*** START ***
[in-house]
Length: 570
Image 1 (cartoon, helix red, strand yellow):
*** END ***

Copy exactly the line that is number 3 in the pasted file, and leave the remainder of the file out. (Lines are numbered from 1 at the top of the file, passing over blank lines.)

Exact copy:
Image 1 (cartoon, helix red, strand yellow):